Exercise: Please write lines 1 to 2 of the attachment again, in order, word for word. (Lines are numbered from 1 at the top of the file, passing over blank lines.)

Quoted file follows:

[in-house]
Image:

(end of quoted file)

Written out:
[in-house]
Image: